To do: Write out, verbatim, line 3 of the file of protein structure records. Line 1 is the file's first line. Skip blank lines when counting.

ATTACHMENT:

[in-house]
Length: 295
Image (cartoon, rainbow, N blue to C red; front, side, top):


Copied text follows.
Image (cartoon, rainbow, N blue to C red; front, side, top):